Mr Sidibé explained that in sub-Saharan Africa, three in four new HIV infections in 15-19 year olds are among girls. And HIV is the third leading cause of death among young women aged 15-29 globally.
The causes vary but lower access to education along with gender inequalities erode women and girls' ability to negotiate safe sex and have control over their bodies. In addition, most young people lack the knowledge to protect themselves from HIV. In sub-Saharan Africa, surveys from 35 countries showed that only 36% of young men and 30% of young women correctly identified the ways of preventing the sexual transmission of HIV.
Mr Sidibé stressed that when girls stay in school they are less vulnerable to HIV. He also emphasized that age-appropriate comprehensive sex education for girls and boys is a cornerstone to end the AIDS epidemic.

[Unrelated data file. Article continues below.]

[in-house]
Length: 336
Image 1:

Acknowledging Mrs Macron's vast experience in education as a teacher and educator, Mr Sidibé offered support to organize an event on girls’ education on the sidelines of the Dakar financing conference of the Global Partnership for Education in February 2018. Senegal and France are co-hosting the event to raise funds for teachers' trainings and to promote scientific and computer education in schools.
UNAIDS has invited the First Lady of France at its Geneva headquarters in the coming year and to join the First Ladies of Africa at next year's General Assembly in New York.